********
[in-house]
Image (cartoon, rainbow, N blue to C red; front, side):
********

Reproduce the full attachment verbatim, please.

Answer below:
[in-house]
Image (cartoon, rainbow, N blue to C red; front, side):